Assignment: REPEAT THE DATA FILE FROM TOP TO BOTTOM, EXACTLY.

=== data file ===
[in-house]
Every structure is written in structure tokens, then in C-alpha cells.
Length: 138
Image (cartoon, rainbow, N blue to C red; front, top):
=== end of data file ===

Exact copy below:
[in-house]
Every structure is written in structure tokens, then in C-alpha cells.
Length: 138
Image (cartoon, rainbow, N blue to C red; front, top):